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any cells, including platelets, endothelial cells, leukocytes, and erythrocytes, shed small fragments of their plasma membranes into the circulation. There is increasing evidence that these submicron fragments, termed microparticles, have important physiological roles. Platelet microparticles are the most abundant microparticles in the bloodstream constituting approximately 70% to 90% of circulating microparticles.
PMPs promote platelet and leukocyte adhesion, platelets, monocytes and endothelial cells activation. PMPs have a role in cell-to-cell communication, Inflammation, Angiogenesis and Cell Proliferation. Many studies reported that the level of platelet microparticles appears to be affected by cancer. Several studies have also showed associations between platelet-derived microparticles and tumor progression.
We aimed to study the effect of childhood cancer on the level of plasma microparticles and its relation to remission (response) status and also to study the effect of the level of plasma microparticles on the bleeding or thrombotic complications of childhood cancer patients.
The study was a short follow up case control study including 25 newly diagnosed patients prior to start of treatment protocol; they were divided into 3 groups according to the type of malignancy. The 1st group included 10 patients with acute lymphoblastic leukemia (ALL), the 2nd group 10 patients with acute myeloid leukemia (AML) and the 3rd group 5 patients with neuroblastoma. Initial clinical presentation, staging, risk stratification, serum LDH were recorded. All patients received induction Phase of chemotherapy, enrolled ALL patients received CCG 1991 protocol, AML patients received Modified MRC 12 protocol and patients with neuroblastoma received POG 9340. After assessment of BM on day 28 in patients with ALL, with peripheral blood picture recovery in AML and after 5 cycles induction in patients with neuroblastoma, all leukemia patients should have BM blast less than 5 % in second evaluation, neuroblastoma patients should have at least 50% reduction in size of the primary mass with disappearance of metastatic sites. Level of platelets microparticles were done by flowcytometry before chemotherapy and after induction phase (complete remission or very good partial response(.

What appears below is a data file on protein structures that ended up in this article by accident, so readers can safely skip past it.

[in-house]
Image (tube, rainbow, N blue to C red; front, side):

No significant difference in median initial or post-induction PMPs between patients with ALL (1.48 (0.62 – 1.87); 2.6 (1.84 – 4.11), AML 1.48 (0.88 – 2.25), 1.84 (1.03 – 2.90)) neuroblastoma (1.77 (0.75 – 1.77); 1.76 (1.75 – 2.89)), P=0.595 and 0.232 respectively.
There was no significant difference between pre and post induction PMPs in patients with ALL (P=0.401), AML (P=0.482); and a significant rise in PMP was found in patients with neuroblastoma post-induction phase compared to initial results (P=0.026). In ALL group although the increase in the platelet count mean was highly significant after chemotherapy yet no significant correlation was found between platelets count and in PMPs before (r=.0.443, P=0.2)and after chemotherapy (r=0.236, P=0.511). In the AML group the increase in both the platelet count mean and PMPs mean was not significant after chemotherapy. No significant correlation was found between platelets count and PMPs before chemotherapy(r=0.467, P=0.174). However, significant positive correlation was found between platelets count and PMPs after chemotherapy (r=0.818, P=0.013). In neuroblastoma group, both mean platelet count and PMPs level significantly increased after chemotherapy. No significant correlation was found between platelets count and PMPs before chemotherapy (r=-0.205, P=0.471). However, significant correlation was found between platelets count and PMPs after chemotherapy (r=0.9, P=0.037).
As regard demographic data in correlation to PMPs levels in the three studied groups, there was a positive correlation between PMPs and weight, age and height in ALL group, a negative correlation between PMPs and age in AML group and no significant correlation was found between PMPs level and demographic data in patients with neuroblastoma.